Aleatoric uncertainty characterizes the variability of features found in natural images, and echoes the epistemic uncertainty ubiquitously found in computer vision models. We explore this ‘‘uncertainty in, uncertainty out’’ relationship by generating convolutional sparse coding dictionaries with parametric epistemic uncertainty. This improves sparseness, resilience and reconstruction of natural images by providing the model a way to explicitly represent the aleatoric uncertainty of its input. We demonstrate how hierarchical processing can make use of this scheme by training a deep convolutional neural network to classify a sparse-coded CIFAR10 dataset, showing that encoding uncertainty in a sparse code is as efficient as using conventional images, with additional beneficial computational properties. Overall, this work empirically demonstrates the advantage of partitioning epistemic uncertainty in sparse coding algorithms.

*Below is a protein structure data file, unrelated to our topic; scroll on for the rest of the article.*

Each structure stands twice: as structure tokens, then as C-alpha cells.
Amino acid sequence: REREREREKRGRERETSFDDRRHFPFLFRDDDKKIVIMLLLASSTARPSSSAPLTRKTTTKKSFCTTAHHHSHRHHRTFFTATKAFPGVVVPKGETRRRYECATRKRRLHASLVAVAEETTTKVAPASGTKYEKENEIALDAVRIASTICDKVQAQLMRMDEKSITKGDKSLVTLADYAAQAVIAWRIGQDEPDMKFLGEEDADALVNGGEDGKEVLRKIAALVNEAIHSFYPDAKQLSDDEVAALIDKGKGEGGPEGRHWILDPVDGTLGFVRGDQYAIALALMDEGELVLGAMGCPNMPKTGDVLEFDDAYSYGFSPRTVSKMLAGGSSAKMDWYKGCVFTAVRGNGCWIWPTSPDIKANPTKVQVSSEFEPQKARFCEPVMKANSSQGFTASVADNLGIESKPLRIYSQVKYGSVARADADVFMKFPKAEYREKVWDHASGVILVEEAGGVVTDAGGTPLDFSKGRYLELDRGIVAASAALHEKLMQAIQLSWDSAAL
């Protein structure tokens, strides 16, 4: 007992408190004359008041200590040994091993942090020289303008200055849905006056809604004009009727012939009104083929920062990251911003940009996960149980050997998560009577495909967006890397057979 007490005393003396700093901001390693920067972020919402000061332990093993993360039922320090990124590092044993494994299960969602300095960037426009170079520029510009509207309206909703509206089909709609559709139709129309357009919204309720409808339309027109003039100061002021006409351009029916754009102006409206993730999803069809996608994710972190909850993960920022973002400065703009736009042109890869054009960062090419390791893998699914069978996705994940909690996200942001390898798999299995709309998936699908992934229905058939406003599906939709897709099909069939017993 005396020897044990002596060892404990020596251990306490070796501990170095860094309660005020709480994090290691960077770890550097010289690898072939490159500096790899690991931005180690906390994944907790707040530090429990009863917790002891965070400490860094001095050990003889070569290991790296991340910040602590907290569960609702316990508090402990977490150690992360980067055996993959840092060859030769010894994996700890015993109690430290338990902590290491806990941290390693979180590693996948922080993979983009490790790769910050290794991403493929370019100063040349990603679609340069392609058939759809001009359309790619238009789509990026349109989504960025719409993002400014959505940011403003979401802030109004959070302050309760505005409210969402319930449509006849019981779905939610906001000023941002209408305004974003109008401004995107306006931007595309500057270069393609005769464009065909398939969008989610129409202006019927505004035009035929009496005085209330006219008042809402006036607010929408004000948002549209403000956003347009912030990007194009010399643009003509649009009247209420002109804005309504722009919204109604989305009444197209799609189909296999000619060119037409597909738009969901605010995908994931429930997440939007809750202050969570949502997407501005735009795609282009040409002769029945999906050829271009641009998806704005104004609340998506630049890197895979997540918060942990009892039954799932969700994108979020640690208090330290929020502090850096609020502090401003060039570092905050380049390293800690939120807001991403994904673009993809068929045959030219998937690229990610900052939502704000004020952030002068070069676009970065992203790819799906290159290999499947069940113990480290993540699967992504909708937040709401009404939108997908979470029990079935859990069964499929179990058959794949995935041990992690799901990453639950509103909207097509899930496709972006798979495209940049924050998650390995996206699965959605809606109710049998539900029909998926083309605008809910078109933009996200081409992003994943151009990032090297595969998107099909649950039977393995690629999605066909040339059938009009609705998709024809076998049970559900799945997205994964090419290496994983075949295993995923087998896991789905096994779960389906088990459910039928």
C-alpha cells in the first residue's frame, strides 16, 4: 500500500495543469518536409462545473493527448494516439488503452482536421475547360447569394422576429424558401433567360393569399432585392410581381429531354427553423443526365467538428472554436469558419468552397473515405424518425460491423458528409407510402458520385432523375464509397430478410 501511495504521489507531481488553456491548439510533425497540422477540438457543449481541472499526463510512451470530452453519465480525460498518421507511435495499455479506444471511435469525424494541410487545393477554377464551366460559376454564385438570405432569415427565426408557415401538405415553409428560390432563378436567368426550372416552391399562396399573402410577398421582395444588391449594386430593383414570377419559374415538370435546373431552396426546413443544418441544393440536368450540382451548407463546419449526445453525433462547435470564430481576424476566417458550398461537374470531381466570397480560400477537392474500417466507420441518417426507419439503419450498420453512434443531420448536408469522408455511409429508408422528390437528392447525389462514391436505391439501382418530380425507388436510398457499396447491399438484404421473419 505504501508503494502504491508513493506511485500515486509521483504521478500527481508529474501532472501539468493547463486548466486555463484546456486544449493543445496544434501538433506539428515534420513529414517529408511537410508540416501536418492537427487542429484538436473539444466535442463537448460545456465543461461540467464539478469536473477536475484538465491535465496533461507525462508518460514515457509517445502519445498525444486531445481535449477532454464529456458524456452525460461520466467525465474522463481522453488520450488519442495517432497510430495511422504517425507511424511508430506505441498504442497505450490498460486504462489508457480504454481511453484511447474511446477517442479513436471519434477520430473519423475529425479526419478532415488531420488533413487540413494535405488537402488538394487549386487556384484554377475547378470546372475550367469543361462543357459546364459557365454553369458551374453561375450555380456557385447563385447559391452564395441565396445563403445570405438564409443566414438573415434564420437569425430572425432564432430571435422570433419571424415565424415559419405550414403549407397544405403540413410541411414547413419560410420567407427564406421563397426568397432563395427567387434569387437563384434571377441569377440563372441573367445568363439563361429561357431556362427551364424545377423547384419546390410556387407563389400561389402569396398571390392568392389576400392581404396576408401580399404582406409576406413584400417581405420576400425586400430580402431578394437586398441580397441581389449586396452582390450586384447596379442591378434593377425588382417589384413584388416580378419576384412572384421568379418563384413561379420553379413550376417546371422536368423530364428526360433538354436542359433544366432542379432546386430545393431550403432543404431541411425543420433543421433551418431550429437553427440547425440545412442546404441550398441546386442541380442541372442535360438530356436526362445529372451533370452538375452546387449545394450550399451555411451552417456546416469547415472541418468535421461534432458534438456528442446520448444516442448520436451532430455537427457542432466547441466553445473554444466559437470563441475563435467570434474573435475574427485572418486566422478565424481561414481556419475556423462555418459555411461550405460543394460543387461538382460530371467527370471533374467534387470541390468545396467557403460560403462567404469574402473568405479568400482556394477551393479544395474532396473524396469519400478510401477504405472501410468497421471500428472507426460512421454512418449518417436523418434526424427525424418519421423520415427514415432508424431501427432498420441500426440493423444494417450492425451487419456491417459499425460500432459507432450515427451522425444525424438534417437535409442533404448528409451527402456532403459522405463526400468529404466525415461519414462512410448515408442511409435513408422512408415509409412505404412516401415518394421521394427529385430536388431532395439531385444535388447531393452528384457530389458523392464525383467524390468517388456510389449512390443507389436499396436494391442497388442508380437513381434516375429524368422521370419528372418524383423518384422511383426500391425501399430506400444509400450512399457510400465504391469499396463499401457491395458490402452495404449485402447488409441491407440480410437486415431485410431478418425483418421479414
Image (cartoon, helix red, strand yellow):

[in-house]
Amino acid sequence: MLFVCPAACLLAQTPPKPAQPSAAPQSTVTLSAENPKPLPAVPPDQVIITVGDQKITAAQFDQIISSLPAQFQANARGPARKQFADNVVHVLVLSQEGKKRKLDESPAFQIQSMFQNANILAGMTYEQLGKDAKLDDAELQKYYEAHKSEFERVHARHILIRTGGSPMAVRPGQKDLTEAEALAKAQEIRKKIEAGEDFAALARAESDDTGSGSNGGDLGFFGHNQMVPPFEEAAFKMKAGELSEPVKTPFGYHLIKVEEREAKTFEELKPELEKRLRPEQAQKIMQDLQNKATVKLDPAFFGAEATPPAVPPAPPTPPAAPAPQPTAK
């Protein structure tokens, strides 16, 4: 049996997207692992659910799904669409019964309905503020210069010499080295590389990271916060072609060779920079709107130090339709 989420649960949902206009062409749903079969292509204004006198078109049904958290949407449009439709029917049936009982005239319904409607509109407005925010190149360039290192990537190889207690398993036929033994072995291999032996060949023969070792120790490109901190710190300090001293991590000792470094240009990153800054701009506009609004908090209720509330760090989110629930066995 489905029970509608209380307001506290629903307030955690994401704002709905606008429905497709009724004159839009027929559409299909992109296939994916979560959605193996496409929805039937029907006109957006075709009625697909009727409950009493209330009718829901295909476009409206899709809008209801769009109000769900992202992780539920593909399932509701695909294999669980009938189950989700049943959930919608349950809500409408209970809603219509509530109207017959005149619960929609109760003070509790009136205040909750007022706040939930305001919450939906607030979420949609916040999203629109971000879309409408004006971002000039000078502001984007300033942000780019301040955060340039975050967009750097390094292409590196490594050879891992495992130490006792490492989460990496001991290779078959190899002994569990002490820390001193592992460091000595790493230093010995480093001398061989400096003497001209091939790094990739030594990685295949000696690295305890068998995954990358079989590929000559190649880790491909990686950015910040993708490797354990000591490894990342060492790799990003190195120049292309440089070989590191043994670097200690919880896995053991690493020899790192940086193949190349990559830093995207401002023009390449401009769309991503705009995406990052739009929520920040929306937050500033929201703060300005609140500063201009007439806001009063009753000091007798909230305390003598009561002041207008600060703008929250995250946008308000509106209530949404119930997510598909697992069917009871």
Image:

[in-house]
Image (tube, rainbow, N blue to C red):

Accepted paper (poster) at the ICLR 2023 Workshop on Sparsity in Neural Networks:
the focus of the WS is on “On practical limitations and tradeoffs between sustainability and efficiency” in Kigali, Rwanda / May 5th 2023
reviews will be made public on https://openreview.net/forum?id=tgr8FEcl28M
In a nutshell: We found that sparse coding of images (here extended in a convolutional framework) is improved when using kernels with heterogeneous precision in how they encode orientation information. This was confirmed by learning, but also by comparison with what is observed in the statistics of natural images and in our recordings from neurons in primary visual cortex.
This theoretical work accompanies a similar study in neurophysiology:
This work was extended in